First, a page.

Doug Conant, the former chief executive of the Campbell Soup Company, felt so strongly about the value of acknowledging people that in his 11 years at the company, he handwrote 30,000 notes to employees, acknowledging their contributions. Engagement levels rose.
At my company, the Energy Project, we’ve made it a practice to publicly acknowledge each other’s successes. We also hold a weekly community meeting that begins with a simple but powerful question: “How are you (really) feeling today?” The freedom to answer this question honestly helps us know what others are bringing to work emotionally, and to be more attuned to them.
Another core need is for meaning and significance. When a company stands for something beyond maximizing profit, employees have the potential for a purpose beyond a paycheck. It’s both energizing and inspiring to work for a company that is committed to something beyond its immediate self-interest.
That’s relatively easy for nonprofits, whose goal is to add value to others. But it’s also possible for companies that sell more mundane products. Take Toms Shoes. By committing to donate a pair of shoes to someone needy for every pair sold, the company’s founder, Blake Mycoskie, has created a sense of mission among employees.
Stephen Friedman, president of MTV, recently collaborated with a start-up called Catchafire that matches companies with specific skills to nonprofit organizations that need help. Employees at MTV got an opportunity to use their skills in website design, branding and social media on behalf of the Center for Employee Opportunities, an organization that helps inmates just released from prison get jobs.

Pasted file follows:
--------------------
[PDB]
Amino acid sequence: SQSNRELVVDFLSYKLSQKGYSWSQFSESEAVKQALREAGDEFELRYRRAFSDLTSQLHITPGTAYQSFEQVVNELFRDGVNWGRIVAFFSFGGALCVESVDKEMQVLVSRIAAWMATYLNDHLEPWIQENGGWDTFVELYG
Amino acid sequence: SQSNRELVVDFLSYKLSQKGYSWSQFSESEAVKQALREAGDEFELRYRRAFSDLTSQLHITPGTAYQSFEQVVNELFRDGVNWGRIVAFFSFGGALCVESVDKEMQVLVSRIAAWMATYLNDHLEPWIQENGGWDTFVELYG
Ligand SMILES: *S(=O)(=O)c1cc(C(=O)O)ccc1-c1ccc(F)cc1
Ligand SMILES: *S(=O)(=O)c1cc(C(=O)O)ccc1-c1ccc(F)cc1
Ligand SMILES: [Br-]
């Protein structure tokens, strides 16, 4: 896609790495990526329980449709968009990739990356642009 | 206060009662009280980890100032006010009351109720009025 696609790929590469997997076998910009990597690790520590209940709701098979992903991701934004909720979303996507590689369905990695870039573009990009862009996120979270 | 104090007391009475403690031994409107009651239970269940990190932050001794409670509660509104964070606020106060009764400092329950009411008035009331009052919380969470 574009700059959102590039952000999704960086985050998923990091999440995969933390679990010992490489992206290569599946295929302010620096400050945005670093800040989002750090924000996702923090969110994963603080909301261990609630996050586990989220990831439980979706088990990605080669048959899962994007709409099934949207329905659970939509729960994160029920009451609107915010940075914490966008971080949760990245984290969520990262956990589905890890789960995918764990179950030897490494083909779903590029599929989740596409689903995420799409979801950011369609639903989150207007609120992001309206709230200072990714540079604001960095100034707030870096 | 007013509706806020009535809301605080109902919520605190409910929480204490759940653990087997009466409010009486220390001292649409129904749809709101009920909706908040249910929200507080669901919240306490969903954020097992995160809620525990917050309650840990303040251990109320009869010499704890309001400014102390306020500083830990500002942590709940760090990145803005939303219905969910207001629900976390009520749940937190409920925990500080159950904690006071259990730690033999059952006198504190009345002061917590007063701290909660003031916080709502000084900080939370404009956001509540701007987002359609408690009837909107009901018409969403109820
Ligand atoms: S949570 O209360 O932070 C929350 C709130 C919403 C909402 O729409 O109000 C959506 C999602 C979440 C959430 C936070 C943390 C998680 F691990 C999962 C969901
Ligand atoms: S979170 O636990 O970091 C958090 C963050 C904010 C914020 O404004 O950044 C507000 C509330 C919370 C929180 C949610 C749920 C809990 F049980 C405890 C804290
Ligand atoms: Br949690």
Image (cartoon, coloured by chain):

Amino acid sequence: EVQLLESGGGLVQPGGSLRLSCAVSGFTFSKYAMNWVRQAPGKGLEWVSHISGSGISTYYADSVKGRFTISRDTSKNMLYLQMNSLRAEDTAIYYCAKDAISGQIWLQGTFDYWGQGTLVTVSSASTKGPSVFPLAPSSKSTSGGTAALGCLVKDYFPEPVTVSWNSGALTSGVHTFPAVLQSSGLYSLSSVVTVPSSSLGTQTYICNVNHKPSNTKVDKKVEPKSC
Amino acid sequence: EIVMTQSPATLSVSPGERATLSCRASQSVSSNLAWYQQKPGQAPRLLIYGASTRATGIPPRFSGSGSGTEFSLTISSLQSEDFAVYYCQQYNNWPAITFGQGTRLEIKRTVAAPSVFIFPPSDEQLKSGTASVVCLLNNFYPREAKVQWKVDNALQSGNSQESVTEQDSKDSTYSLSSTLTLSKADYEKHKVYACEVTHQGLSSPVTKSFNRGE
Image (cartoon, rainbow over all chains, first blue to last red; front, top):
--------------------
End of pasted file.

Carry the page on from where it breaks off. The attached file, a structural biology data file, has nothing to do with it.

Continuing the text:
For all these examples, what’s the hard evidence that taking better care of employees generates more value for their employers? The 2012 Towers Watson Global Workforce Study surveyed 32,000 employees across 30 countries. The main factor in driving employee engagement and higher performance, it concluded, is “a work environment that fully energizes employees by promoting their physical, emotional and social well-being.”
In companies with the most engaged employees, 74 percent of them felt their leaders had a sincere interest in their well-being, while just 16 percent of employees felt that way in the companies with the least engaged workers.
There were stunning performance differences between the companies with the most engaged and least engaged employees. The companies with the least engaged employees had an average operating margin of 10 percent. The companies with the most engaged employees had an average operating margin of 27 percent — nearly three times as high.
The Towers Watson research is compelling, but the conclusion is entirely intuitive: Invest in and care for the physical, emotional, mental and spiritual well-being of employees, and they’ll perform far better for longer.
About the Author
Tony Schwartz is the chief executive of the Energy Project and the author, most recently, of “Be Excellent at Anything: The Four Keys to Transforming the Way We Work and Live.” Twitter: @tonyschwartz